You can also try a virtual credit card. Some banks offer this nifty tool that acts like an online version of your card. With a virtual credit card, the issuer will randomly generate a number that’s linked to your account, and you can use it anywhere online and choose when the number expires. It might be best to generate a new number every time you buy something online, or when you shop with a new retailer. Anyone who tries to use that number will be out of luck.
Use prepaid debit cards
Using a prepaid debit card removes a lot of the risk that goes with online shopping. These are different from debit and credit cards because the money isn’t connected to your credit history or to a bank account. You just load money onto the prepaid debit card, use that balance for purchases and reload when needed.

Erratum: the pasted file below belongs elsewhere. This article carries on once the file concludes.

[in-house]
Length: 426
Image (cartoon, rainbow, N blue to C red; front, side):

So if a scammer gets hold of the card information, the crime pretty much ends there. The crook can’t open new credit accounts in your name, drain your checking account, or make purchases over the amount you’ve already loaded.
Plus, you still have some degree of fraud protection. If you have previously registered the card and you report the loss or theft to the card issuer, most will restore your original balance and issue a new card. However, since many prepaid debit cards come with high fees, read the terms before getting one, and consider only using these for holiday shopping.
After purchasing gifts, keep an eye on all your accounts and bank statement
Robust holiday shopping can add pages to your credit card statements. Check your statements for fraudulent charges at least once a week or set up account alerts. When you receive a text or email about a charge, you can check the message and likely easily recall whether you recognize the charge and made the purchase.